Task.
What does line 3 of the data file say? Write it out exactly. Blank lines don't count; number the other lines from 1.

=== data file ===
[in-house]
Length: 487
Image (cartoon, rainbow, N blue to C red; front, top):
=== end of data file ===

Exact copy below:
Image (cartoon, rainbow, N blue to C red; front, top):